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Independent self-construal, self-reflection, and self-rumination : a path model for predicting happiness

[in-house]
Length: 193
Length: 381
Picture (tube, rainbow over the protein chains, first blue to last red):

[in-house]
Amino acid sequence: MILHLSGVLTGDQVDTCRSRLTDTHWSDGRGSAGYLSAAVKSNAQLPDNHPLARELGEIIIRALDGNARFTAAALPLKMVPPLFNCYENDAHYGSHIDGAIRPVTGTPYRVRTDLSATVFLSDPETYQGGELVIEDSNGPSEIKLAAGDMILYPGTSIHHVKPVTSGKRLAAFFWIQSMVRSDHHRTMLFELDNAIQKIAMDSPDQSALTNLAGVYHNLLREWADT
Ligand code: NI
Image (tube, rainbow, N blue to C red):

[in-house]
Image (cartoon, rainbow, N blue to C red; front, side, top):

A construal theory of happiness emphasises the mediating impact of cognitive and motivational processes on the individual’s perceptions of their happiness. This study investigated a path model with the two cognitive variables, self-reflection and self-ruminationas mediating factors between an independent self-construal and subjective happiness. One hundred and twenty three participants completed a questionnaire designed to measure subjective happiness, independent self-construal, self-reflection,and self-rumination. Individuals’ propensity to self-reflect and self-ruminate was not found to be affected by an independent self-construal. A higher independent self-construal was associated with greater happiness. The results also indicated that self-reflection has the potential to both increase and decrease (when mediated by self-rumination) subjective happiness. This study suggests that although meaningful self-reflection may be beneficial for individuals who do not enjoy high levels of happiness, the perils of self-reflection are that it may trigger self-rumination which has detrimental consequences for happiness.